Hacker News new | past | comments | ask | show | jobs | submit login
The ultra-rich are illegally buying cheetahs as pets, leading to extinction (cnn.com)
36 points by spking 55 days ago | hide | past | web | favorite | 15 comments



Unfortunately this is nothing new. This was a thing in mogul India centuries ago, it was a thing in Europe, it was a thing in Ottoman Asia Minor and it was a thing in Roman times. The rich have always wanted to have menageries to show off their wealth.


Can go even farther back; cheetahs were just as domesticated as dogs in ancient egypt two millennia before the Romans conquered the Mediterranean.

Makes sense too; accounts from people who work with them say they have almost none of the "wilderness" that makes something like a tiger impossible to domesticate and are essentially really big and fast house cats.


> are essentially really big and fast house cats

Having friends with house cats, and seeing what a regular sized house cat can do to a person, a really big and fast house cat sounds scary!


Big and fast they are, but not all that strong. At Wild Cat Fund <https://wildcatfund.org/cats2.html> events, the leopards are considered a lot more dangerous.

I got to pet one of their cheetahs once. It packs a rather impressive purr.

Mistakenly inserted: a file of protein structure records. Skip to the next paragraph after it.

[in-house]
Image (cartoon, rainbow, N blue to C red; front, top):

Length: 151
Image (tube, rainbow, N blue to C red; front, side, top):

I'm not trusting my family with an animal that can catch and take down a gazelle.


>Unfortunately this is nothing new.

An example of it being done in ancient Rome even.

>In what might be the world’s oldest recorded awkward situation, the Roman orator Marcus Tullius Cicero spent much of his term as Cilicia’s governor trying to ignore a very specific request from his former legal client Marcus Caelius Rufus. In several letters sent over the better part of a year, Caelius repeatedly begged Cicero to capture and send him a group of local leopards. He needed the animals, he explained, because he was trying to launch his political career—and nothing won over voters’ hearts better than live exotic animal hunts in the arena.

https://www.theatlantic.com/science/archive/2016/03/exotic-a...


Right, I acknowledged that, but thanks for the apt illustration.


Did you even read his full post because he mentions Rome?


I quoted and linked an example...


Apparently, there are more tigers in captivity in the US than there are in the wild. https://www.worldwildlife.org/stories/more-tigers-in-america...


Well if, as they say, this is leading to the extinction of the ultra-rich then, the environment will almost certainly benefit.


This actually might save the cheetahs. If there is a market for living cheetahs, people might try to actually breed them in captivity. We have no shortage or house cats or dogs because those animals are pets.


You'd have to change public perception to where owning one is more equivalent to a horse, which is a major investment in both land and money, than to a large dog or whatever


Cheetahs are extremely difficult to breed in captivity: https://en.wikipedia.org/wiki/Cheetah#In_captivity.


Can I refer you to the title




Guidelines | FAQ | Support | API | Security | Lists | Bookmarklet | Legal | Apply to YC | Contact

Search: